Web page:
Former WBC heavyweight champion American Oliver ‘The Atomic Bull’ McCall will be visiting Jamaica later this month to work with the island’s amateur boxers.McCall, who is most known for his title win against Lennox Lewis in 1994, says that Jamaica has been relatively quiet in boxing internationally. However, he says, he intends to make world champions of young local talent in the future.”I want to spend the next few months working with some of the amateur boxers there, so once they do turn pro, they will go up to another level of expectancy and win titles,” McCall told The Gleaner.He says Jamaica has to ensure it does not get left behind by other countries, especially European nations, who he says are elevating in the sport.McCall has trained with world-famous coaches such as Emanuel Steward and George Benton and he says he wants to pass on what he has learnt from them to young Jamaican fighters.”I want to pass some of this on so we can compete with all the other countries in the world and I believe that really starts at the amateur level,” he said. “As the years go by, it might be two, or even 10, but the ring generalship and the ring knowledge will be passed on, and you will see a wave flow of what I’m able to give that has been given to me by hall-of-fame trainers.”JOY FACTORMcCall will be brought to the island by I-Fight Promotions, led by his friend Chris Joy.Joy’s popularity in Jamaica has grown in recent months as he was the promoter for Team USA in last season’s Wray & Nephew Contender Series, which his fighter, DeMarcus ‘Chop Chop’ Corley, won.Joy also put together the Jamaica versus Cayman Islands Pro-Am Fight Night, which saw Jamaicans Jermaine ‘Cross Breed’ Bowen and Sakima ‘Mr Smooth’ Mullings in separate main-event bouts.Jamaica Boxing Board of Control President Stephen ‘Bomber’ Jones is welcoming McCall’s visit.”Chris Joy has very good connections with the professional side of the sport and the fact that he is bringing the likes of an Oliver McCall to work with our amateurs, in my eyes, can only be positive,” Jones says. “We definitely have the talent here so more and more bouts bode well for the activity necessary to get our athletes to that next level.”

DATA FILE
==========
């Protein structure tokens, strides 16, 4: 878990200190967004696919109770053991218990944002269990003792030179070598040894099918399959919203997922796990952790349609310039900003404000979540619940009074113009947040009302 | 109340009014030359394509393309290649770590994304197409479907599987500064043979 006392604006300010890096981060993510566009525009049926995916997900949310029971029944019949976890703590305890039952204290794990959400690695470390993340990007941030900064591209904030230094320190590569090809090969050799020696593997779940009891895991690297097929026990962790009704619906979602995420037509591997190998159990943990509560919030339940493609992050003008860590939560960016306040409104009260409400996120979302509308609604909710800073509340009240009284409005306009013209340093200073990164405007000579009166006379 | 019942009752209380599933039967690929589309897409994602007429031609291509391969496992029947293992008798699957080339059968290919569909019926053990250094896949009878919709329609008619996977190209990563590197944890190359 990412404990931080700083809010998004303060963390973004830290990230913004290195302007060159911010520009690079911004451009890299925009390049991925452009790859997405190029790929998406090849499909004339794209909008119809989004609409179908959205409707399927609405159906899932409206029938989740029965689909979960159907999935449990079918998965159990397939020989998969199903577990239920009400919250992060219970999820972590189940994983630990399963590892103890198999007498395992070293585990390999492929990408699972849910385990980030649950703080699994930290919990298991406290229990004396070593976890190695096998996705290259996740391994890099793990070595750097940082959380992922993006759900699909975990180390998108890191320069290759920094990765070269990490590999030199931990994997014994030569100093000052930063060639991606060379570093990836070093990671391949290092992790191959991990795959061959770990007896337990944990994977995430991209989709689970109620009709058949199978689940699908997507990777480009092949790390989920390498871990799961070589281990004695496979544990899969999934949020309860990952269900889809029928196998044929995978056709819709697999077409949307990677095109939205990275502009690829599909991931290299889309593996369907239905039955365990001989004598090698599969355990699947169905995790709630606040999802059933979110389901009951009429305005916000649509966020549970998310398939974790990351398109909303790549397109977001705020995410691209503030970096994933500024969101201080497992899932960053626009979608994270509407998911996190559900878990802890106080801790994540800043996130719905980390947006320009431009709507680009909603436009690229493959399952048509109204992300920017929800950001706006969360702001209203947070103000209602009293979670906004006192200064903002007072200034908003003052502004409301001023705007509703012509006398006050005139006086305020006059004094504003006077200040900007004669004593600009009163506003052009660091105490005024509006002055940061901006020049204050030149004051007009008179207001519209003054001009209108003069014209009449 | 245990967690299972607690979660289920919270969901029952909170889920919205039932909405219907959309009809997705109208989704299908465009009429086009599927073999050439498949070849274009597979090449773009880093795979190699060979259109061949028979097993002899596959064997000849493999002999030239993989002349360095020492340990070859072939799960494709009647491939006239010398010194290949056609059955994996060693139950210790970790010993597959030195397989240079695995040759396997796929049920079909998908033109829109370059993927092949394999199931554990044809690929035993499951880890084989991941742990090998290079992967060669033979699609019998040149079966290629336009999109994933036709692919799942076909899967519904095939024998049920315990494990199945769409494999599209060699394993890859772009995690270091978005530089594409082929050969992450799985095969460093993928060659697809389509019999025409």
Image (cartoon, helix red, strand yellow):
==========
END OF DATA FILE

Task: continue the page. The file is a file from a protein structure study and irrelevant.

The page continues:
St Catherine Cricket Club’s Oraine Williams believes he is getting closer to a West Indies call-up, following his 146 runs against Kingston Cricket Club on Saturday. The knock was crucial as St Catherine CC registered their third successive hold on the Jamaica Cricket Association All-Island 50 Overs title. Williams was the star of the show as the defending champions brushed aside the challenge of Kingston by nine wickets. The former West Indies Under-19 batsman, who opened his team’s inning with Shacaya Thomas (43), after Kingston posted 220 runs, smashed 15 fours and five sixes before partnering with captain Danza Hyatt to see out the inning with one wicket lost. “The season didn’t start well, but in life, it’s not how you start but how you finish. I kept working hard and kept pushing. So when the captain asked for someone from one to five to bat the 50 overs and we will win, I put up my hand and accepted the challenge and carried it home for my team,” he reasoned. Williams says confidence is never an issue with him, but making 86 in the quarter-final and 49 in the semis was a great boost heading in the decider. “I am always confident but I was just not getting the big scores (this season), but I knew time would come. I just remained patient and did the work. But getting 86 and 49 in a quarter-final and semi-final leading was a significant boost, so I was confident going into the final,” said the 24 year old, who has been a part of all three St Catherine’s title wins. STILL WAITING KEPT PUSHING However, he believes his consistent performances over the last few years warrant a chance in the West Indies set-up. “The ambition is to play for West Indies and I believe I am that much closer now. I have been performing consistently over the years and I am still waiting on my time, but I don’t think it should be long,” Williams told The Gleaner. “It’s just for the selectors to take a look and give me a chance because I have been sitting and waiting on my time, and when it comes, I plan to take it with both hands,” Williams added. “This is my highest score in a final. It’s a great feeling to get a hundred in a final … Former captain Tamar Lambert told me someone is always remembered in a final, so I tried to push hard. But it’s just hard work and dedication over the past few months.. so it’s just the hard work paying off,” continued the former Innswood High school student.